With only a few hours until the US elects a new President, countries have been preparing for a foreign policy change if Democrat nominee and former vice president Joe Biden, who is running ahead in the polls, gets elected.
One such difference in policy is the environmental plan. While Biden has mapped out a climate change policy that includes taxing carbon-intensive exports, Donald Trump has no such plan.
Donald Trump sees the world from Park Avenue.
I see it from where I came from: Scranton, Pennsylvania.
It's why I'll fight every day as president to make this country work for middle class and low-income Americans — not just the wealthy and well-connected.
— Joe Biden (@JoeBiden) November 2, 2020
The change in policy, if Biden is elected, will likely affect countries with high carbon emissions including China, India, Japan, and Australia.
While China is at loggerheads with the US, its dependence on fossil fuels will increase the cost of its exports in comparison to countries where production is cleaner. Biden’s policy plan is similar to that of the European Union’s Green Deal.
Citing 2019 Morgan Stanley’s research note, a Nikkei Asia report said that it is unclear how the Biden will implement border carbon adjustments but imposing a hypothetical tax of $40 per ton of emissions would increase the cost of producing aluminum by over 20% in China, India, and Australia.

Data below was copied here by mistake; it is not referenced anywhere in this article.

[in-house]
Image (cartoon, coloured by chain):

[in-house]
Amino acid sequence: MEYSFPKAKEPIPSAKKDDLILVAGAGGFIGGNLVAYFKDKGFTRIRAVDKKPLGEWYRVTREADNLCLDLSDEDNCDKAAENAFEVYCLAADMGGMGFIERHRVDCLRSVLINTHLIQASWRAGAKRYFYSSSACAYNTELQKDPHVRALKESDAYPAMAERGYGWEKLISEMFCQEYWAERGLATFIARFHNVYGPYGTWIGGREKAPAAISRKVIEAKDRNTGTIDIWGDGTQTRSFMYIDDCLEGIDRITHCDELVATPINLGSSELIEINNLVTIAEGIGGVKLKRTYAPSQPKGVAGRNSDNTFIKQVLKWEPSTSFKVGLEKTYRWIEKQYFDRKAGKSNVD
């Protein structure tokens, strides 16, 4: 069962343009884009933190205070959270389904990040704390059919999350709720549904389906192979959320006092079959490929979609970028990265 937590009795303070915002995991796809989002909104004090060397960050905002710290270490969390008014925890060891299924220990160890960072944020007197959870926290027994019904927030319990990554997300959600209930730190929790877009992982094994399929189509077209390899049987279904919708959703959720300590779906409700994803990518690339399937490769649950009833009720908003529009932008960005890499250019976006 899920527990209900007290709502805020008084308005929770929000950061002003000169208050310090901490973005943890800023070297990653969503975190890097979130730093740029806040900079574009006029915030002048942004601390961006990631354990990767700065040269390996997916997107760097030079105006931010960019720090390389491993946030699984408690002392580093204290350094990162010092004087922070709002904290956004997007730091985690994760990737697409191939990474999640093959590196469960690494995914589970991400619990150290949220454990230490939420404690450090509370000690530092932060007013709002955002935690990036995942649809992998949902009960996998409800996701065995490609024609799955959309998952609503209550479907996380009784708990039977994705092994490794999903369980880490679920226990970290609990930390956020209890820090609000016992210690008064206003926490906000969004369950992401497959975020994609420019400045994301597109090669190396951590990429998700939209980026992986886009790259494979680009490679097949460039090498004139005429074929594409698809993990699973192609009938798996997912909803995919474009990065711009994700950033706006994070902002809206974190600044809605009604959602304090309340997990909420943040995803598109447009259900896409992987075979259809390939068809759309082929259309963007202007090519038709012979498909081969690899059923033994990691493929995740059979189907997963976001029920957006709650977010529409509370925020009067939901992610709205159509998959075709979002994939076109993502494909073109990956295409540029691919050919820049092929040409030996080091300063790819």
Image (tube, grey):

According to the report, if Biden’s policy is implemented, Chinese steel, which is often created in coal-powered furnaces, would be penalized, while Indian steel produced in more efficient mini-mills that run off electricity could receive a boost.
Meanwhile, China has come out with a plan to reduce its carbon emission as President Xi Jinping pledged to attain carbon neutrality by 2060. Japanese Prime Minister Yoshihide Suga has also committed to carbon neutrality by 2050. While fossil fuel-dependent nations may be in a disadvantageous position with US policy change, it provides a push to attain their carbon neutrality goals.
On the other hand, India and Australia’s carbon policies have been moving in the opposite direction. New Delhi and Canberra revoked carbon pricing six years ago and might be at the opposing end of Biden’s policies.
“Electricity is expensive in India, so we tend to use it more efficiently,” Karthik Ganesan, a Delhi-based research fellow at the Council on Energy, Environment, and Water, told Nikkei Asia. “There’s a big economic opportunity for India if we were to make our manufacturing process more efficient.”
Australian analysts also believe that Canberra is not inclined towards pricing carbon. There’s no particular push from the Federal government to bring in greener policies for the country.